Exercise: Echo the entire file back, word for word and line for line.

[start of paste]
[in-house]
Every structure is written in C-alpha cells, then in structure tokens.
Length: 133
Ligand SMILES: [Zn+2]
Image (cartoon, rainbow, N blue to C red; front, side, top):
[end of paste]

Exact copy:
[in-house]
Every structure is written in C-alpha cells, then in structure tokens.
Length: 133
Ligand SMILES: [Zn+2]
Image (cartoon, rainbow, N blue to C red; front, side, top):